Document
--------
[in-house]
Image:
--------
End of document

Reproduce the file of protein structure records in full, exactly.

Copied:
[in-house]
Image: